Two hundred and eight (208) students of Greek origin from three universities in different regions across the country joined the study. They were invited to participate through announcements posted at their Schools; therefore, they constitute a convenience sample. Of them, 26 (12.5%) were male and 182 (87.5%) were female. Their mean age was 20.7 years (SD = 4.53 years). Participants were randomly assigned to the mortality salience condition (n = 109, 52.4%) and the control condition (n = 99, 47.6%). The two groups did not differ substantially in terms of gender and age.

Materials [TOP]

Mortality Salience [TOP]

The Mortality Attitudes Personality Survey (Rosenblatt, Greenberg, Solomon, Pyszczynski, & Lyon, 1989) was administered in the mortality salience condition. Participants were asked prototypical open-ended questions regarding their mortality: “Please briefly describe the thoughts and emotions that follow the idea of your own physical death” and “Write down in detail what you think will happen to you as you die and once you are physically dead” (Rosenblatt et al., 1989). In the control condition, participants responded to two questions about TV watching and web TV programmes. This is a commonly used manipulation for control groups in experimental designs of terror management theory (e.g., Burke, Martens, & Faucher, 2010). To further provide a distraction between the mortality salience exposure and the dependent measures, participants completed the State-Trait Anxiety Inventory (Spielberger, Gorsuch, Lushene, Vagg, & Jacobs, 1983) and read a literary excerpt about the plasticity of the language. Then they were asked to guess the author's gender and create four words by using specific letters from the text. Duration of the delay was 11-13 minutes. The length of the delay, combined with the assignment of simple cognitive tasks, is supposed to increase the mortality salience effect even further (Burke et al., 2010).

Acculturation Expectations [TOP]

An adapted form of the Host Community Acculturation Scale was administrated (Bourhis et al., 1997; Bourhis & Montreuil, 2013). HCAS consists of six items, each representing a different acculturation expectation (i.e., integrationism, integrationism-transformation, individualism, assimilationism, segregationism, and exclusionism). In the original scale, participants are invited to report their level of agreement with each item using a 7-point Likert scale. In our study, participants read a description of the six host acculturation expectations first and then they chose their preferred acculturation expectation for immigrants from Albania and Pakistan, respectively. This way, host-national acculturation expectations were measured as a single categorical variable based on the relative priority given by the respondents to the six alternatives that were presented to them.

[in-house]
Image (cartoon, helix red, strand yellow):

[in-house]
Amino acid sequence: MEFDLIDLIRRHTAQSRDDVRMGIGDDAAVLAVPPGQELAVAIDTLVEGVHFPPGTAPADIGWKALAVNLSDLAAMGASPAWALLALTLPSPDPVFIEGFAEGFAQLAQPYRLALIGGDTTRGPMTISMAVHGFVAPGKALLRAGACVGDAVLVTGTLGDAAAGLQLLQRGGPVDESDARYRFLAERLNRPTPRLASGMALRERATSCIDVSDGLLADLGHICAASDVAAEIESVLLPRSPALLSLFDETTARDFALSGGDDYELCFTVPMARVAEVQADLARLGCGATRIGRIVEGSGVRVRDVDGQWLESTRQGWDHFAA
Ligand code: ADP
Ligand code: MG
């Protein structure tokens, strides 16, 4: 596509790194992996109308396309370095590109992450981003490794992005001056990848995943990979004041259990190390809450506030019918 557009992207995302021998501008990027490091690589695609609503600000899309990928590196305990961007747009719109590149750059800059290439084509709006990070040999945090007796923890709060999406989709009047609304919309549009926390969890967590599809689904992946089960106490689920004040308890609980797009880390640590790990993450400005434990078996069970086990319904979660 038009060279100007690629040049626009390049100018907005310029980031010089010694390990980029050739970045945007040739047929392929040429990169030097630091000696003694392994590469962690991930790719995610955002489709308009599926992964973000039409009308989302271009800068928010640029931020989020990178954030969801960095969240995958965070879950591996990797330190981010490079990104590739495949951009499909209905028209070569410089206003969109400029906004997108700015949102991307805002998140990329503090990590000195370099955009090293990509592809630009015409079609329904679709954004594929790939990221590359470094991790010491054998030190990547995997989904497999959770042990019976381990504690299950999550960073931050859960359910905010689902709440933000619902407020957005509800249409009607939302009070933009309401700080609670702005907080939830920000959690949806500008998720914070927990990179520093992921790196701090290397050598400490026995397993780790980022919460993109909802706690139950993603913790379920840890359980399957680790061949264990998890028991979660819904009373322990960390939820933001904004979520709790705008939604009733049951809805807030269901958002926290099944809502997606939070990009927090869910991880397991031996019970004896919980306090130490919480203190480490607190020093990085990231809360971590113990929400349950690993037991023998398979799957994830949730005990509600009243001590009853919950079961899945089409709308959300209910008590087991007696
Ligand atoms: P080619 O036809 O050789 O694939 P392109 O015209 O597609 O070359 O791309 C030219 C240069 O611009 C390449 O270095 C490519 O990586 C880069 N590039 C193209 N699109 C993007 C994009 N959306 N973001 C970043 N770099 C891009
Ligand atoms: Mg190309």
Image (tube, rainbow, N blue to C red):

Perceived Acculturation Strategies [TOP]

Participants read four descriptions of acculturation strategies (integration, assimilation, marginalization, segregation), drawn from the Immigrant Acculturation Scale (Berry et al., 1987). Then, they were asked to indicate which strategy they believe that immigrants from Albania and Pakistan tend to adopt more often. Therefore, this scale evaluated the host-national perceived acculturation strategies of the two migrant groups.

Post-Mortem Expectations [TOP]

The Connection of Soul scale was administered (Ai et al., 2014), which measures post-mortem expectations. It is composed by 12 items summarized in three dimensions: secular (4 items, e.g. “Regarding my life, after death everything is over”), God-centred (4 items, e.g. “After death I come to the community with God”) and cosmic-spiritual views (4 items, e.g. “After death my soul connects with the world spirit or the infinite force”). Participants assessed their level of agreement on a 7-point Likert scale ranging from 1 (“strongly disagree”) to 7 (“strongly agree”). Internal consistency was high (secular views: α = .91; God-centred views: α = .90; and cosmic-spiritual views: α = .88).

Demographics [TOP]

Participants filled in a demographic questionnaire their gender, age, level of education, country of birth, and country of birth of their parents.

Procedure [TOP]

All measures were adapted to Greek from their original English versions by two bilingual researchers following back translation procedures (Brislin, 1970).

Data collection was carried out in university classes. Participants completed the questionnaires at two time points with one week interval. At time 1 the experimental manipulation was introduced; participants were also administered the Host Community Acculturation scale. At time 2 perceived acculturation strategies and post-mortem expectations were measured.